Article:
The call of the golden Feng bird
in the emperor's garden
Huang Feng is calling in Shanglin
The colors of spring are bright
Raise the whip and make it snap
Immediately start the journey
One day the emperor was in the Shanglin Yuan (Shanglin Garden) and heard the beautiful song of the Fenghuang, or 'Red Bird of the West'. It is often compared with the Phoenix, but resembles rather the huge Roc.
Its song is
beautiful, but on this day it suddenly shrieked. The Feng is such a good omen, that even a shriek is very auspicous.
Hunting parks were made during the Zhou period (1066-221 BC). Perhaps the most famous was the Shanglin Park created by Qin Shi Huang as 'a symbol of the empire's worldly supremacy and cosmic grandeur'.
Images from 'Ode on Shanglin park' by Qiu Ying
One of the most famous descriptions of landscape in Chinese literature must be the Shanglin fu, 上林賦. It was written for the young Emperor Wu, who had summoned Sima to court in 137 BCE, and it describes the royal hunting park southwest of the capital Chang'an.
The poem was composed by Sima Xiangru. There is a magnificent Ming Dynasty scroll attributed to Qiu Ying (c. 1494-1552) which illustrates the poem. The detail shows the poem's three narrators in discussion. Burton Watson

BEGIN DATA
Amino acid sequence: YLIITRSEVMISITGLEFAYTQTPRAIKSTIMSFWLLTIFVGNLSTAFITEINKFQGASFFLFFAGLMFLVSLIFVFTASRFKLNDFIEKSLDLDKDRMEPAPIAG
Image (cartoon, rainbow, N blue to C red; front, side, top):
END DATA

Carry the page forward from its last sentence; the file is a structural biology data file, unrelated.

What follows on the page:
translates their names as Sir Fantasy, Master No-Such and Lord Not-Real.
In the first part of the fu, Sir Fantasy and Master No-Such describe hunts in Chu and Qi; in the second part, Lord Not-Real blows them away with his description of the far-more-extensive parkland of Shanglin and the hunting and entertainment that goes on there.
From CHINESE RHYME-PROSE
Here too are precious stones: carnelians and garnets,
Amethysts, turquoises, and matrices of ore,
Chalcedony, beryl, and basalt whetstones,
Onyx and figured agate.
To the east stretch fields of gentians and fragrant orchids,
Iris, turmeric, and crow-fans,
Spikenard and sweet flag,
Selinea and angelica,
Sugar cane and ginger.
translated by Burton Watson
There is obviously some exaggeration going on in this poem, so what was Shanglin Park really like? In Mark Edward Lewis's book The Early Chinese Empires, he writes that Emperor Wu installed in it 'rare plants, animals, and rocks that he had received as tribute from distant peoples, as booty from expeditions to Central Asia, or as confiscations from private collectors. The emperor's exotica included a black rhinoceros, a white elephant, talking birds, and tropical forests.' The park contained a palace complex and an artificial lake with a statue of a whale which has recently been found during an archaeological excavation. Emperor Wu's ambitious landscape gardening would be emulated by later Chinese rulers - see for example my post here on the Song Dynasty Emperor Huizong's rock garden. And Emperor Wu lived only a century or so after the First Emperor, whose mausoleum with its rivers of mercury and terracotta army was a kind of dead equivalent to the abundant parkland described by Sima Xiangru.